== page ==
United StatesPennsylvania

Pennsylvania’s binding arbitration law stunting police reform, officials say

Philadelphia Police Commissioner Danielle Outlaw, center, and Mayor Jim Kenney, 4th left, meet with people, Thursday, June 4, 2020, in Philadelphia after days of protest over the May 25 death of George Floyd, who died after being restrained by police in Minneapolis. 

(The Center Square) – Philadelphia attorney Kevin Harden Jr. said Tuesday he knows firsthand the injustices people of color face at the hands of corrupt police officers, warning that no progress can be made until the city – and the state – commit to weeding them out once and for all.

His testimony before the House Democratic Policy Committee and the Legislative Black Caucus, at times harrowing, underscored the shortcomings of a 1968 binding arbitration law – Act 111 – when handling officer misconduct cases. Too often, the result means the Philadelphia Police Department rehires problematic cops – some once dismissed for falsifying records, discrimination, excessive force or domestic violence.

One such officer, Harden said, called him a “snitch,” with a strong profanity for emphasis, and told him he deserved to have his “a** beat” after the then-newly minted city prosecutor reported him for trying to negotiate an illegal and corrupt bargain with an informant. The officer was acquitted on federal charges and rehired by the city shortly thereafter.

“So the officer that told me I was [profanity] snitch and hoped I got my a** kicked may be one of the officers who pulls me over one day and asks me for my license and registration,” he said. “How can I have trust in a department that includes individuals such as that – who were rehired after they were federally indicted, tried and acquitted?”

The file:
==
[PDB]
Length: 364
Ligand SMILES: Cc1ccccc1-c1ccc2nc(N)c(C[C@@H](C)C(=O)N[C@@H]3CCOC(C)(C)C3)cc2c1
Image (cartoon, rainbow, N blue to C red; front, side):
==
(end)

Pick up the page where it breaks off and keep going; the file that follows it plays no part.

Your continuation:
Philadelphia Police Commissioner Danielle Outlaw agreed that police arbitrators wield too much power and often stunt the department’s attempts to fire bad cops. She said Tuesday she supports reforms proposed by city officials that would redistribute the balance of power and prevent arbitrators from overturning the department’s disciplinary actions.

“It continues to be one of the most stubborn obstacles to police reform in Philadelphia and elsewhere,” said City Solicitor Marcel Pratt. “[Act 111] unquestionably obstructs the police reforms that would protect black and brown communities.”

A Philadelphia Inquirer investigation of 170 police misconduct cases between 2011 and 2019 concluded that arbitrators erased or reduced penalties 70 percent of the time. The data feeds into a larger pattern nationwide first reported by The Washington Post that found that more than 450 officers across the country fired for misconduct between 2006 and 2017 were later rehired.

“That’s something we really ought to reconsider if we want to make sure our city has faith in its public officials,” said Keir Bradford-Grey, chief defender at the Defenders Association of Philadelphia. “This is a huge impediment to commissioners and other people in the community trying to do better and clean up some of the corrupt culture that’s persisted over the years.”